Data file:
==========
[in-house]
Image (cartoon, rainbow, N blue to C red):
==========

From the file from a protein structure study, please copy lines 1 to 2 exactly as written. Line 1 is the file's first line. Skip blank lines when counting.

[in-house]
Image (cartoon, rainbow, N blue to C red):